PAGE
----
Alison Beck Haas
, September 18, 2012
Kay Redfield Jamison has a special genius. She is a brilliant scientist and scholar as well as a masterful writer. Her beautiful prose makes highly technical information understandable and makes the disturbing human experince of mental illness vivid. Like her memoir An Unquiet Mind, Night Falls Fast: Understanding Suicide provides the reader the opportunity for great revelation. She writes of suicide, and the ilnesses that cause it, with candor and real empathy. Jamison brings clarity to and makes accessible the history, statistical data, medical studies that aim to make sense of suicide. Her clean and simple writing enable the reader to grasp the subtlties, successes, shortcomings,and failures of treatment of life-threatening mental illness. Her anecdotes of the lives and deaths of a wide array of suicide victims are delivered without histrionics but with vividness and compassion.
Any of us living with the spectre of suicide--the attempted or successful suicide of another in our lives, a profession that involves contact with the mentally ill, or the desire to take one's own life--stands to be changed by reading Night Falls Fast. This is not to say this book, any book, can change the illnesses that cause suicide. Nor can it reverse the horror victims and survivors experience. What Redfield does is give soul to this excruciatingly difficult subject. Her book gently eases us to peer directly at a thing we want badly to turn away from. The people whose lives and deaths are recounted in this beautiful book become real and human to the reader. As a result, the realities of the suicides and suicidal in our own lives can become clearer. And she deals unflinchingly with the social stigmas around death at one's own hand, as well as the things that befall those a suicide leaves behind. If nothing else, reading Night Falls Fast removes any notion that our own experiences and losses are singular. They are, in fact, disturbingly ubiquitous.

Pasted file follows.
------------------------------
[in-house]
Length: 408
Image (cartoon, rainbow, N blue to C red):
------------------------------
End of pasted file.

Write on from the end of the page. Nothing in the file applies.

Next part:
Redfield's great talent as a writer and scientist, together with her tremendous capacity for empathy, enables her to make the single most incomprehensible human condition somehow more human and nearly comprehensible.